August 27th, 2014
Riggan Thomas (Michael Keaton) is a Hollywood actor who became famous as the super-hero Birdman. Recently, he denied to participate in Birdman 4, because he wants to do a work of quality. So he tries, with the help of this friend and producer Jake (Zach Galifianakis) to direct a Broadway play based on “What We Talk About When We Talk About Love” by author Raymond Carver. Besides him stands his daughter, Sam (Emma Stone), who just got out of rehab and works as Riggan’s production assistant.
The day of the avant premiere is coming closer, and a lighting his the protagonist (Jeremy Shamos) on the head. Because of this accident, they must find a last-minute replacement. Thankfully, Lesley (Naomi Watts) knows personally Mike Shiner (Edward Norton), a Broadway actor famous for his strong performances on stage. Although he is a good actor, the peculiarities of his character bring him into conflict with the rest cast and Riggan personally. During one of the preview performances, in front of a packed theater, a drunk Mike breaks the scene and brawls with Riggan. Will they be able to gain the public and the critics on their premiere? Or a bad critic’s review in a major newspaper will send the play and Riggan Thomas into oblivion?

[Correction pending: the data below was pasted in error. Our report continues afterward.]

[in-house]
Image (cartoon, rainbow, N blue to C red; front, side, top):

Riggan has the strong belief that this theatrical play is his chance to make something important. And this is ultimately the problem. It is not Mike Shiner’s behavior. It is not the acclaimed critic who intends to “bury” Riggan. It is not his daughter with her suicidal trend. The only thing to blame is his ego and the gravity he gives on it. His inner conflict is personified in the Birdman character. In the beginning of the movie Birdman is a voice that only the protagonist can hear and later Birdman appears in person next to Riggan with his winged hero custom.